In 1975 it was legal to purchase and consume alcohol at the age of 18 in the state of Wisconsin. And that’s exactly what I did, usually in the form of Pabst Blue Ribbon beer. Lots and lots of Pabst Blue Ribbon. The truth be told, I was consuming alcoholic beverages before the legal age of 18. Today’s blog deals with the warm summer of 1975 and involves the infamous Arno Schubert.
Arno first graced this blog in “My First Labor Day”. After that he also showed up in “Arno: A Koos Legend”, “A Koos Christmas Story”, “A Special Secret Weapon” and “Attack Of The Chainsaw”. If you haven’t read these entertaining blogs, I encourage you to take the time to do so. They will help you to appreciate the enigmatic man named Arno.
Let’s get back to the summer of 1975.
I had been working at Koos Inc. for a couple of months when I finally felt comfortable enough to tell my co-workers where I lived. Keep in mind, this was the first time I was exposed to wild characters like Virgil Tucker, Ziggy Gutowski and of course, Arno Schubert. So, you can understand my reluctance in revealing such personal information.
When I first mentioned that I lived off of Highway C in Pleasant Prairie, just down the road from the Nobby Lobby tavern, my worst fears were realized. The words had barely left my lips before Danny Fliess blurted out, “No shit Puddles. Arno lives right by you!”
Great, I thought to myself, that’s all I need. And I was right. As soon as that crusty old German discovered where I lived, he was hitting me up for a ride home. So, for the rest of that summer I gave that foul-mouthed curmudgeon a lift home. Each and every miserable night.
At first, the 15-minute trips were fairly uneventful. A typical drive home consisted of me continually turning the volume of the radio up in an attempt to drown out Arno’s incessant cursing. I’m not sure if he ever even noticed.
Then it happened. After a particularly hot day, Arno climbed into my car and announced that he was going to start compensating me for giving him a ride home. I am quite sure he didn’t use the word compensate, but you get the idea.
All right! I wondered just how much he was going to give me. Five bucks would be nice. Ten would be even better. Well, it wasn’t ten and it wasn’t even five. Nope.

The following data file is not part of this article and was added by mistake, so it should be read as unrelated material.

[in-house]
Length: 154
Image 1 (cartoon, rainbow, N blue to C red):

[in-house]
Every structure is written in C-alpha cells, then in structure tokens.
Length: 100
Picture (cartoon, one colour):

The compensation came in the form of Pabst Blue Ribbon beer.
As soon as I had turned on to Washington Road, Arno instructed me to turn into Andy’s parking lot. Andy’s was a small neighborhood bar located right behind Big Star’s parking lot.
As I pulled in, I quickly informed him that I had no intention of sitting in a bar stinking of fertilizer. He promptly told me to shut the “f#ck up” and jumped out and ran inside. Moments later he appeared with a brown paper bag and a toothless grin going from ear to ear.
While I pulled back onto Washington Road, Arno reached into the bag and produced an ice-cold bottle of Pabst Blue Ribbon beer. I shrugged my shoulders and accepted the payment for my transportation services. Arno, still grinning, removed a bottle for himself, cracked it open and started gulping it down.
Well, at least he wasn’t swearing. If there was one thing that Arno enjoyed more than swearing, it was drinking beer. And I enjoyed the quiet. The beer wasn’t bad either.
By the time we turned onto Highway HH we had finished the six-pack. It was at this point that Arno gathered up the empty beer bottles and began to hurl them out the window into the ditch by the cornfield.
This didn’t last forever, a couple of months I think. But every night for those two or three months we stopped at Staral’s so Arno could buy that six-pack of Pabst Blue Ribbon for the ride home. And every night he tossed the empties out the window into that ditch by the cornfield.
There must have been over 400 bottles in that ditch before I finally stopped giving Arno a ride home.
I know, I know. Not only was I drinking while driving, Arno was littering as well. What can I say, I was young and dumb and Arno was… Well, Arno was Arno.
That was 38 years ago. For the next ten years I continued to consume Pabst Blue Ribbon on a regular basis. Sometimes on a “more than” regular basis.
However, on August 4, 1985 that all came to an end. I was in the booth announcing a morning league game at historic Finney’s West when I decided that I had had enough. And I haven’t touched a drop since then.
Happy 38th anniversary to you Arno Schubert, wherever you might be. More importantly, happy 28th anniversary to me. Until next time…from the booth.